Much less visible for most of the year, spiders make their presence felt in late August and through the early autumn. This is the mating season of some of the most common varieties, when male house spiders come out of hidden corners to look for females, and garden spiders reach adult size and spin their biggest, most dazzling webs.
Yet while the spider is familiar, the star of one of the great children’s books, Charlotte’s Web, and a fixture of nursery rhymes and Halloween decor, its relationship with humans is complicated. Fear of spiders, arachnophobia, is common and has serious impacts on the lives of sufferers. Its prevalence appears unrelated to any rational assessment of risk. Spiders in the UK are almost all harmless. Farmland species perform valuable ecosystem services, by predating on insects that are our competitors for crops. But they have proved durable repositories of human anxieties – with a cultural association with witches and wickedness dating back to the middle ages.
Does this perhaps explain, in part, the lack of data about how spiders are faring in our age of ecological crisis? British butterflies are the most studied group of insects in the world, due to the long tradition of collecting and observing them. But spider conservationist Matt Shardlow points out that it was only in the 1980s that the taxonomy of house spiders was properly sorted out. And while information about insect populations is gathered by experiments that measure the numbers hitting windscreens or traps, there have been few attempts to count spiders.
The huge reductions in the numbers of flying insects can only mean a reduction in spiders’ food supply. A landmark study in Germany identified a 75% fall in insect biomass between 1989 and 2016, with pesticide use thought to be to blame along with the destruction of wild areas for development. This means the overall picture for spiders is worrying, as it is for most creatures. But conservationists are most concerned about those varieties that are in difficulties due to habitat loss and fragmentation, which makes it impossible for them to migrate.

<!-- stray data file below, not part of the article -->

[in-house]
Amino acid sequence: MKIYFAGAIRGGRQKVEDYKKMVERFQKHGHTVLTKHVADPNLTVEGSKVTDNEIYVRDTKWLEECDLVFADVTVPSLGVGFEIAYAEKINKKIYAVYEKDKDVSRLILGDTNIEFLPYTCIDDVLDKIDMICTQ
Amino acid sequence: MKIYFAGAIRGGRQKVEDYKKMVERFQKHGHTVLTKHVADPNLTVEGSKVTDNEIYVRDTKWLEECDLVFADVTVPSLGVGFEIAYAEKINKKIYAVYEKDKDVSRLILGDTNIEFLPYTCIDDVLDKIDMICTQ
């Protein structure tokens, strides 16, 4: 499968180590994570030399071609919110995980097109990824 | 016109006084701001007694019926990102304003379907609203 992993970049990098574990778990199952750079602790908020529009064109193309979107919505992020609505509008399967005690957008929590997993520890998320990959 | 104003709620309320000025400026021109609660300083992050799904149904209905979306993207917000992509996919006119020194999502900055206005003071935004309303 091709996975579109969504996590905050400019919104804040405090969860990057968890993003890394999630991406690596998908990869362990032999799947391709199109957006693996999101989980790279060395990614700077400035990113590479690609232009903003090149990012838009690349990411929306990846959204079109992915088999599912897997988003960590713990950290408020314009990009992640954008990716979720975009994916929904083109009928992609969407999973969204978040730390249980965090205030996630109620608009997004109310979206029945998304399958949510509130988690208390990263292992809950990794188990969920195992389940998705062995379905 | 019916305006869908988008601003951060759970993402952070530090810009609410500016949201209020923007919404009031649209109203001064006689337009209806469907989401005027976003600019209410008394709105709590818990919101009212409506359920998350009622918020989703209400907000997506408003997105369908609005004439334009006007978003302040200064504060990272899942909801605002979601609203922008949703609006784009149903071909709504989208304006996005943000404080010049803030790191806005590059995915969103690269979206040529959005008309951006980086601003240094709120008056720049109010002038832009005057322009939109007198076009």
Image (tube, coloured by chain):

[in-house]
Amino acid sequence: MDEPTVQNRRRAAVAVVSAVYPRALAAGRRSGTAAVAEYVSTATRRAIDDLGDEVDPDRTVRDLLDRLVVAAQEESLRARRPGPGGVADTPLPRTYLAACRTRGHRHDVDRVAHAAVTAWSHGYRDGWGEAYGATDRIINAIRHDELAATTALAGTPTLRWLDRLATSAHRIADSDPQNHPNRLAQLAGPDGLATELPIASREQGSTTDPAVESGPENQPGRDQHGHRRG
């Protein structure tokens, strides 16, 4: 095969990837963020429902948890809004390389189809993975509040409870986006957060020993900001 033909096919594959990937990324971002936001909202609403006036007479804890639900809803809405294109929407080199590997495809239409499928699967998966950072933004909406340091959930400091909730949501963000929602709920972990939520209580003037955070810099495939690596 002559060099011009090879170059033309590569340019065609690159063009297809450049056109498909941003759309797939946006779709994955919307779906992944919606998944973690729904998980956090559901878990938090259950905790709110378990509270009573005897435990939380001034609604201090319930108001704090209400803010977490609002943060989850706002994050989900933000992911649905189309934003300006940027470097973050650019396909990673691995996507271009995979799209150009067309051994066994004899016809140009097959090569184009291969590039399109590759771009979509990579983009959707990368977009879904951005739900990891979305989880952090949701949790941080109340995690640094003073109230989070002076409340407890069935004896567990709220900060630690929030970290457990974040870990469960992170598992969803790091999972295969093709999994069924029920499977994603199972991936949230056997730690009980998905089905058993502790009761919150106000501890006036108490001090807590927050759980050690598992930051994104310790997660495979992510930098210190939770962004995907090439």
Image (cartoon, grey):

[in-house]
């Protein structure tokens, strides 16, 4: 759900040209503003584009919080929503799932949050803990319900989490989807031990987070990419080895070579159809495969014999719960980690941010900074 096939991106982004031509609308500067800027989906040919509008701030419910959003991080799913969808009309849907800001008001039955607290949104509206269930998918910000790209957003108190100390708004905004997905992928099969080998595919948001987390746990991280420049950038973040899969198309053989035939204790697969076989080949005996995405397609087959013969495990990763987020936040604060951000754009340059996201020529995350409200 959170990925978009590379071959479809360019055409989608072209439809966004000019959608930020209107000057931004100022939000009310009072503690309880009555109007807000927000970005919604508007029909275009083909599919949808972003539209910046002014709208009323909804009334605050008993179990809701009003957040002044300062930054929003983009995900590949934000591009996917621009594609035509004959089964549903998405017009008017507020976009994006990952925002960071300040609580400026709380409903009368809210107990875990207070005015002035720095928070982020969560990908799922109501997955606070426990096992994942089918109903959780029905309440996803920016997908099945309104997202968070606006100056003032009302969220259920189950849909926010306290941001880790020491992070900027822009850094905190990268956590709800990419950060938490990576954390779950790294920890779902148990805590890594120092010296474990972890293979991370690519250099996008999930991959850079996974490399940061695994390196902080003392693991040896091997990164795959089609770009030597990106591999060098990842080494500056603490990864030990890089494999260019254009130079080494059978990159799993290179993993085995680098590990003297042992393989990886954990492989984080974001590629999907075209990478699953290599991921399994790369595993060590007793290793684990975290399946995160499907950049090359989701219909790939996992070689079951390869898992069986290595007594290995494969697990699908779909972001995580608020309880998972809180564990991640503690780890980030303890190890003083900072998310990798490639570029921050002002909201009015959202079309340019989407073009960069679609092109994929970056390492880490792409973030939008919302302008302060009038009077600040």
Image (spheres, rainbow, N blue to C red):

Of around 650 spider species regularly recorded in the UK (around half of which are tiny money spiders), the majority are specialists, which thrive for example in sedge fens, reedbeds, dunes or heathland. Conservation efforts (often led by determined individuals) have helped species including the ladybird spider and the great raft spider to recover by reintroducing them to new areas. With rewilding now firmly on the environmental policy agenda, the hope is that in future, spiders (like other animals) will be enabled to migrate by themselves, adapting to climate change by moving along wildlife corridors.
It seems unlikely that spiders will ever attract the same level of human enthusiasm as bees, birds or butterflies, in spite of their unique status as nature’s spinners. But as they reveal themselves in all their finery this autumn, it would be a good thing if more animal lovers recognised the ways in which spiders – as EB White’s Charlotte famously wrote in her web of her friend Wilbur – are simply “terrific”.